Libyan Prime Minister Ali Zeidan said a "compromise" had been reached with ex-rebel militias who had given Libya's interim assembly a deadline to hand over power.
Powerful militias made up of former rebels from the western town of Zintan had given the General National Congress a late Tuesday deadline to quit, threatening to seize any lawmaker who ignored it.
Zeidan said the deadline had been extended by 72 hours but did not give further details of the compromise, saying only that "wisdom has prevailed" after discussions with representatives from the militias, the assembly and the UN.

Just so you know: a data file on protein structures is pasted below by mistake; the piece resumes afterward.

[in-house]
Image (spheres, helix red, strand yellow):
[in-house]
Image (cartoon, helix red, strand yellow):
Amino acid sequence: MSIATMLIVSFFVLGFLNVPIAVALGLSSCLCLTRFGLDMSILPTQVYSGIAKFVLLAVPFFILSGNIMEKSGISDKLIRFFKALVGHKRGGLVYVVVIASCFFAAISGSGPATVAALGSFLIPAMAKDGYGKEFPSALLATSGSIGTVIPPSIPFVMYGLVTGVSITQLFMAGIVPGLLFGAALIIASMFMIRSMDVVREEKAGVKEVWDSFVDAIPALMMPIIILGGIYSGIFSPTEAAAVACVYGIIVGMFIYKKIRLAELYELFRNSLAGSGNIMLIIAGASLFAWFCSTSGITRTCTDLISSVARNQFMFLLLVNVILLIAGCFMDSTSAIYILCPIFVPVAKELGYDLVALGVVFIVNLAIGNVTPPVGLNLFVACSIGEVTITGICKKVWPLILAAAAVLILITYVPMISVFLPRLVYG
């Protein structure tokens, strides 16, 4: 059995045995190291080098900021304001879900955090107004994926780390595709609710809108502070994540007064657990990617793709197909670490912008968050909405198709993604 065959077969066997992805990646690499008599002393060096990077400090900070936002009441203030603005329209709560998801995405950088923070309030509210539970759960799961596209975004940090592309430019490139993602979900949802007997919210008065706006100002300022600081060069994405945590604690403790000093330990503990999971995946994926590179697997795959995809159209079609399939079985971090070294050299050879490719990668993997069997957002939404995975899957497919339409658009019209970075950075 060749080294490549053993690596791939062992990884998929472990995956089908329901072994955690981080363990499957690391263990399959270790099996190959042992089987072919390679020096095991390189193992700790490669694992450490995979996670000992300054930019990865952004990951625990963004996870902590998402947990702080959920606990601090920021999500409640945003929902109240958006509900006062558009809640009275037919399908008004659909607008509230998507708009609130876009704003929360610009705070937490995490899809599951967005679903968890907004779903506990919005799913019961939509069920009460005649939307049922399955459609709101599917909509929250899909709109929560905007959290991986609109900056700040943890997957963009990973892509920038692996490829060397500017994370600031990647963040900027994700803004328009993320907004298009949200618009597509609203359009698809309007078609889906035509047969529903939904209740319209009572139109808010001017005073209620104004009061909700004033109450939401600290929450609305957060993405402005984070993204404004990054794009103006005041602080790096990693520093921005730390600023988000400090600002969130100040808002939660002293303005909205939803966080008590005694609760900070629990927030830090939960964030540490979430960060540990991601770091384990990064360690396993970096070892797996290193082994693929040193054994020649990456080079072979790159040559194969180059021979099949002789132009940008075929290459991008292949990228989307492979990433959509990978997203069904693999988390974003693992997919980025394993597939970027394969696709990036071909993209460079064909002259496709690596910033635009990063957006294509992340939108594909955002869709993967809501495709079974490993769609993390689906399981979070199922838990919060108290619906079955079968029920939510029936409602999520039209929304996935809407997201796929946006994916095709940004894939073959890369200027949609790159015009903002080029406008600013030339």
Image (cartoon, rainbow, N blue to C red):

The potential crisis arose exactly three years after the start of the Arab Spring uprising that toppled dictator Muammar Gaddafi but left the sprawling North African country with a weak central government.
The commanders of the Zintan militias had said they were giving the assembly five hours to "hand over power", pointing to a February 7 end of its mandate that it had extended. "Any member of Congress who stays will be ... a legitimate target and will be arrested, then judged," they said.
The ultimatum had triggered a meeting between the head of the UN mission to Libya, Tarek Metri, and the militias' commanders. "I asked them to give a chance to political dialogue on the basis of general elections being held," Metri said.
Libyans are set to vote today for a panel to draft a new constitution, but the polls have aroused none of the enthusiasm that attended its first free election in July 2012.